This work was funded by the ANR (ANR-19-MIN2-0002), the AEI (MICIU/AEI/REF.: PCI2019-103779), the FCT (ERA-MIN/0005/2018) and author’s institutions in the framework of the ERA-MIN2 AUREOLE project (

How to cite: Gloaguen, E., Campos, H., Pochon, A., León Higueras, P., Lorenzo, S., Esbrí, J.-M., Iacono-Marziano, G., and Lima, A.: Origin and significance of the antimony mineralisation associated to mafic intrusions in the Iberian Zone and the Central Armorican Domain, EGU General Assembly 2021, online, 19–30 Apr 2021, EGU21-13154,, 2021.

Antimony deposits: geological features and mineral exploration
Alexandre Lima, Rui Frutuoso, Sara Leal, André Vieira, and Maria Ribeiro

In the Dúrico-Beirão mining district several paragenetic associations have been described in gold mineralizations, including Sb-Au. The objective of this research was the study of the Sb-Au mineralization in the Rates area, from field reconnaissance of the mineralized structures by soil sampling to the petrographic and mineralogical study of the parageneses associated with this gold mineralization, mined by the Romans.

The portable XRF was used to measure Sb and As in farms and forest soils. The observed Au-Sb-As anomalies in the Rates area must be linked to Lagoa Negra mine by the same north-western trend fault. Historical mining works have been identified both in Lagoa Negra and in Rates, where rock-chip sampling returned results up to 30 g/t Au from the Rates prospect.

Some rock samples from Rates were studied by geochemical and petrographic analyses and were analysed in detail by scanning electron microscopy. The results indicate that the paragenetic association in Rates is Sb-Au, with stibnite as primary Sb sulfide mineral, valentinite as alteration mineral, and gold in native and granular form.


The work was financial supported within the compass of the ERA-MIN/0005/2018—AUREOLE project, FEDER through operation POCI-01-0145-FEDER-007690 funded by the Programa Operacional Competitividade Internacionalização—COMPETE2020 and by National Funds through FCT within the ICT (reference UIDB/04683/2020).

How to cite: Lima, A., Frutuoso, R., Leal, S., Vieira, A., and Ribeiro, M.: Antimony-Gold mineralization in Rates (Northern Portugal), EGU General Assembly 2021, online, 19–30 Apr 2021, EGU21-2425,, 2021.

Jérémie Melleton, Bruno Lemière, Pascal Auger, Virginie Derycke, Eric Gloaguen, and Loïc Bouat

Competitiveness of mineral exploration for companies is based on reducing costs and capital intensity, improving dynamics and shortening delays between target testing and feasibility analysis. As the use of in situ analyses increases, pXRF (portable X-ray fluorescence) represents a good perspective for a fast and reliable low-footprint exploration approach. This study was carried out as part of the European EIT Raw Materials project UpDeep, which aimed at the demonstration of the applicability of modern geochemical methods for the discovery of new critical metals ore deposits.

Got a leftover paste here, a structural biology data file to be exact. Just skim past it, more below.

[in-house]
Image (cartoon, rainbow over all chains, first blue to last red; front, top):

We revisited a historic Vendean Sb district, located in western France and southeast of Brittany. First mining activities on antimony ore deposits took place during the 18th century at La Ramée, followed at the beginning of the 19th century, by the discovery of a rich vein at Rochetrejoux, which led to new activities until 1925. The French Geological Survey (BRGM) conducted large-scale survey during the 1970-1980s by stream-sediment followed by soil sampling focusing on sediment anomalies, which led to discovery of around 20 new prospects distributed on a 50x20 km area, in particular at Les Brouzils, La Télachère and La Copechagnière. Mining operations started again until the mid-1990s at Les Brouzils mine. The area is characterized by extensive agricultural practices.

The geological framework of the area is Variscan metamorphic rocks (gneiss and amphibolites) and slightly metamorphised sedimentary rocks, locally crosscut by dolerite dykes. Variscan thrust and shear-zones generated a network of conjugated tension fractures, controlling Sb mineralisations emplacement. The Les Brouzils ore deposits consists of a principal lode system dipping at 70°  and extending over at least 800 m horizontally and recognized up to 100 m vertically. The principal characteristic of this ore deposit is the presence of large blades of stibnite. Berthierite, pyrite and arsenopyrite complete the paragenesis. In the La Télachère prospects, trenches and drill holes on the two principal anomalies determined the presence of a quartz lode system with associated stibnite. Paragenesis comprises stibnite, arsenopyrite, galena, sphalerite, berthierite, chalcopyrite, tetrahedrite, pyrrhotite and gold in a quartz gangue. At La Copechanière, known deposits correspond to subvertical quartz NW-SE veins with stibnite, with thickness of 0.2 – 0.3 m. All the area is partially covered by plateaux silts and gravels of mixed allochtonous (eolian) and autochtonous origin. Thickness of the plateau loess can be comprised in the range 0.5 – 2 m.